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There are a variety of programs in schools today designed to enhance the education of students and give schools a unique edge. One of those programs is The International Baccalaureate Primary Years Programme (IB PYP). My school is currently wrapping up our first candidacy year under this programme, and I think it’s amazing. My staff attended a variety of mandatory trainings to help us understand more about the programme. The programme has pushed my thinking and helped me grow as an educator.
The official International Baccalaureate website defines the curriculum in this way:
“Taught in over 109 countries around the world, the PYP curriculum framework is uniquely adaptable to state and national standards. Guided by six transdisciplinary themes of global significance, students deepen their learning by developing their conceptual understandings; strengthening their knowledge and skills across and beyond subject areas.”
In other words, the programme focuses not only on the academic growth of a child but also their personal growth. The IB PYP highly regards the arts and promotes creative thinking and innovation. The format of this programme helps students to become global thinkers and connect their learning to real-world experiences.
Although these words sound intimidating, chances are, you already use similar things in your classroom. Plus, each school has an IB coordinator who helps guide the school staff in curriculum development, so you will have some help! Let’s dig into each of these ideas a bit more.
Transdisciplinary themes are the foundation on which the curriculum is built. They are overarching ideas that run through everything.
The six transdisciplinary themes are:
As you can see, these themes are broad. They are great starting points for specific lessons. Each theme also includes a central idea and lines of inquiry to help you plan.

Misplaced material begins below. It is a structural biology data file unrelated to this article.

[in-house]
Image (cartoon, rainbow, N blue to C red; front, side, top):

Central Ideas and Lines of Inquiry
Within each theme, there is a central idea. This idea is like the enduring understanding in a lesson. Then, there are lines of inquiry which support the central idea.
Here is an example from my classroom.
You can see these three parts work together to get students to think about how artists are inspired and how inspiration leads to personal expression in their work.
The IB PYP also focuses on the personal growth of students. This is done by emphasizing the importance of the learner profile attributes.
The attributes are:
These attributes are posted in every classroom and can also be found in the hallways on posters. They are often discussed in the classroom and throughout the school in common areas. So much emphasis is put on these attributes, our students use these words in their everyday vocabulary. As the art teacher, I talk about the learner profile and also have students reflect on the attributes.
One way my students reflect on the learner profile is by having conversations about which attributes they show as artists. Many times, they talk about being a risk-taker or being open-minded. We even talk about which attributes famous artists may have exhibited based on the artwork we are studying.